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Building Rapport and Empowering the Patient


Physical Exam


Developmental Evaluation and Speech Development Assessment


Motor Development


Social-emotional Development




Toddler and Preschool Child Exam

Source: Heather Collette and Jaideep Talwalkar; Yale School of Medicine

The key to a successful exam of a toddler or preschool-age child is building rapport and trust between them and the provider. Toddlers, in particular, may be wary of strangers and unwilling to cooperate with the physical exam, which is expected age-appropriate behavior. In order to provide good care and create a comfortable patient experience, clinicians need to tailor their interaction to the child's developmental stage. Ensuring positive medical encounters for children will increase their likelihood of seeking medical care as they age into adulthood. Clinicians must be creative and flexible as they work with children to achieve their care goals. Suggestions on how to facilitate these interactions will be covered in this video, with less of a focus on specific organ system components, as these are similar to other age groups.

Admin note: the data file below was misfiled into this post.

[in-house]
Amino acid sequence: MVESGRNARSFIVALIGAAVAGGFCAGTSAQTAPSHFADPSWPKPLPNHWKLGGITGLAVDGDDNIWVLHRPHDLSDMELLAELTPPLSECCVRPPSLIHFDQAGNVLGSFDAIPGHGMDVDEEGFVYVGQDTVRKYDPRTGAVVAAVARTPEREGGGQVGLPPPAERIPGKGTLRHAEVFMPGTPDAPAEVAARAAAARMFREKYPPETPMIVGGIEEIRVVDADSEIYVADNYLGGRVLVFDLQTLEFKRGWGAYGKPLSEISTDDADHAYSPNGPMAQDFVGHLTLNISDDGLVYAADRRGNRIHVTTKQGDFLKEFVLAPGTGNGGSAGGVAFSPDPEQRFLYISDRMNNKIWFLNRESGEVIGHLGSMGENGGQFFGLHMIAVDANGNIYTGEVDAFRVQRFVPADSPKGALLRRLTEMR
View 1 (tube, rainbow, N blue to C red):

Toddlerhood through preschool age is a time of significant physical and developmental growth. Progression of language, motor, and social skills is a reflection of children's brain growth and social environment. Normal development follows a typical progression, but exact time points for achieving developmental milestones can vary among children. Achieving a specific milestone a few months later than another child or based on a time point listed on a development chart does not necessarily indicate a problem. Providers must ensure that children meet developmental milestones as expected and, if not, refer them early for special services to promote the best outcome possible. 

1. Building rapport and empowering the patient

  1. Start by sitting several feet away, giving the child time to become comfortable.
  2. To build rapport with a young child, provide direct but non-threatening attention in the form of informal conversation or play. Such attention is not possible if a child is sleeping or very ill.
  3. For toddlers and young children, avoiding prolonged direct eye contact during the initial part of the visit will allow them to observe and recognize that pediatrician

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